Suddenly, a song about an empty stage was starting to populate one. As Benjamin expands on this, he says, “The idea of the recurring phrase empty space in the song is about a stage being empty because performances can’t happen at the moment. But an empty stage is also full of possibility. It is rich with anticipation. When you’ve just seen your favourite show, right at the end of it the stage is empty again; and echoes of what we love resonate in this idea.”
Carlos assembled what Benjamin calls “a most extraordinary team”; and exclaims, “Carlos, man, when you put me together with the orchestra, what an opportunity to bring the song to life that presented. You introduced me to Terry Davies, who did the orchestral arrangements. There’s a line in the song, ‘Ghosts of melodies with beauty and flaws echo in the echo of applause’. Terry and I discussed how you melodically represent something that is both beautiful and flawed; and he put in purposefully wrong notes at times to create that tension and dissonance. And what Carlos so brilliantly showed was that as the dancers are dancing, they also hear echoes of applause but the auditorium is empty.”
The video represents not just the onstage life and creativity of the dancers as they rehearse and then perform parts of the company’s production of Cinderella, created by its previous artistic director David Bintley. but also other elements of its backstage life, like the crew sanitising the stage, and the props master) and a costumier [pictured above] making things for the show.
That production should be on a UK tour right now; but like everything, it has been cancelled. Instead, says Carlos, “this video is a homage to the whole theatrical sector, but it also has this kind of hopeful message that we’re going to be back soon. It’s hard, even though the theatre is empty, to push through and still perform without an audience watching us; but we do.”
It also marks a new era for Birmingham Royal Ballet whose home theatre in that city is usually the Birmingham Hippodrome, which is currently shut, “so we lost our base,” says Carlos. “But luckily Birmingham Rep were able to open for us, so we could not only shoot Empty Space but also deliver an autumn season and The Nutcracker. It was life-changing for us, otherwise we wouldn’t have had a theatre to work in. We are planning now to do a triple bill in the summer there with two world premieres and one UK premiere, and hopefully Cinderella as well.”
The experience has been a bit of a change of scene for Benjamin as well. “I think we’ve made something that really is quite cool. I’ve got to say that never in a million years would I thought I’d be standing next to you and spinning on camera, and doing my best not to fall over! I never imagined a film like this or this kind of orchestral arrangement of one of my songs, so this collaboration has been life changing for me, too.”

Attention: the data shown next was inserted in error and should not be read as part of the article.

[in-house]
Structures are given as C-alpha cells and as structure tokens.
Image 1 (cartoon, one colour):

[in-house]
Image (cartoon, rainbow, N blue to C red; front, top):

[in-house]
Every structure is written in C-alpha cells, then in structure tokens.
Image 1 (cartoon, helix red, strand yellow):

The video will also have a lasting legacy. “It goes beyond the boundaries of what Cinderella usually is about,” says Carlos, before adding, “It is much more about where we are living and the year we’ve just left behind. Empty Stage will be a testimonial of this time.” And for Benjamin, it introduced new ways of working that included amazing technological innovations. “The possibilities for remote recording have been amazing — Matt Rollings, the pianist who played the song, did so from Nashville, Tennessee, while my producer Robin Baynton and I listened using an App that allowed us to be virtually in the same recording studio as him.”
Benjamin also adds that in March and April he is returning to the tiny central London cabaret club Crazy Coqs (part of Brasserie Zedel, just off Piccadilly Circus) for a new series in which he will be joined by others to play songs and discuss how they made them, that will potentially reach a global audience instead of the 50 people watching it live in the room. “One of the things that has always excited me has been turning bad things into good things, and I feel that Carlos and Birmingham Royal Ballet and the Royal Ballet Sinfonia and Impermanence have done that.”
It’s a similar trajectory represented by The Lion, his original musical about his own survival, when he was in his late twenties, from a life-threatening cancer diagnosis: an awful experience that he transformed into an achingly beautiful and personal musical. “It’s coming up on ten years that I’m cancer-free this year”, he celebrates; and now, as the world faces down a global challenge, we may not be COVID-free just yet, but bad things are being turned into great art.